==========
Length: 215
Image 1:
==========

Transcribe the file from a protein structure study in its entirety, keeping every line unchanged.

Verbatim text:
Length: 215
Image 1: